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Foreign Subsidiary Company

A company where 50% or more of its equity shares are owned by a foreign company is a foreign subsidiary company. The foreign company in such a case is called the holding company or the parent company.

Foreign Subsidiary Company Compliances are based on the company that is incorporated. Hence, it is necessary to understand what compliances are supposed to be met according to the type of the company, the operations of the industry, annual turnover, number of employees, etc.

Foreign subsidiary companies are mandatorily required to maintain compliance according to the Income Tax Act, Companies Act, Transfer pricing guidelines, and FEMA guidelines.

Foreign Direct Investment of up to 100% is allowed into an Indian private limited company and limited company for most of the sector. The amount of FDI in India has increased manifold over the last few years due to a booming economy and welcoming environment for foreign investors.

    Essential Compliances for Foreign Subsidiary Company

    The following are the Required compliances that have to be fulfilled by the foreign subsidiary company as per Section 380 and 381 of the Companies Act, 2013:

    Form FC-1 under Section 380: The FC-1 form is important as the form has to be filed within 30 days of the incorporation of the subsidiary company in India. The form is not to be submitted alone, it must be accompanied by the required files, certifications etc. from other regulatory bodies in India such as the RBI.

    Form FC-3 under Section 380: This form needs to be submitted to the respective Registrar of Companies (ROC) depending upon where the company is incorporated in India. The form must contain the details of the areas where the business is going to conduct operations as well as the financial records of the company.

    Form FC-4 under Section 381: This form is concerned with the annual returns of the company. It has to be filed within sixty days from the end of the preceding financial year.

    Financial statements: The company has to submit financial statements on its Indian business and operations. This must be submitted within 6 months of the end of the financial year. They must contain: –
    ● Statements on the transfer of funds
    ● Statements of earnings repatriated
    ● Statements on related party transactions such as statements on sales, transfer of property, purchases etc.

    Audit of accounts: All accounts of the foreign subsidiary company must be audited by a Practising Chartered Accountant. These accounts should be properly arranged and made available by the company for the audit.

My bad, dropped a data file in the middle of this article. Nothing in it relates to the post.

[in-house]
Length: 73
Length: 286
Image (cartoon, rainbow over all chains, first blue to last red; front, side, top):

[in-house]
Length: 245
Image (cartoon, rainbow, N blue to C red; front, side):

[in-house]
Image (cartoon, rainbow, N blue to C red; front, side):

Authentication and translation of documents: All the documents that are submitted by the company to the ROC must be validated by a practising lawyer in India. These documents also need to be translated into English before their validation and submission.

    Compliances under the Income Tax Act and the GST Act

    There are three types of compliances based on the intermittency of these compliances:

    Frequent Compliances:

    Frequent compliances are compliances that have to be met by the company periodically. Unlike annual compliances, this type of compliance happens in regular intervals multiple times a year. These compliances may need to be met on a quarterly or a half-yearly basis.


    Annual Compliances:

    Annual compliances are compliance that needs to be met once every year. Every year the company has to meet these compliances mandatorily. For example, the company has to do the following every year: – GST filings – TDS filings under the Income Tax Act – Compliances under RBI – Compliances under SEBI’s rules and regulations – Annual Financial Statements

    Event-based Compliances:

    As mentioned earlier, there are three types of compliances; one of them is event-based. This means that these compliances are only mandatory in case of a certain event or action of the company.

    There are two event-based compliances under the RBI regulations and FEMA guidelines, they are:

    FC-TRS: This concerns the transfer of a foreign subsidiary company’s shares between an Indian resident to a non-resident investor or vice-versa. Such a transfer may be done by way of sale or gift. The Foreign Direct Investment policies require that such a transaction should be reported within sixty days from the date of the transfer. The obligation of filing this form rests upon the Indian resident, or the investee company as the case may be. This is regardless of whether the Indian resident is the transferer or the transferee.

    FC-GPR: This is concerning the remittance received by the shareholders of a foreign subsidiary company. The form specifies the mode of transfer of the remittance by the company to its shareholders

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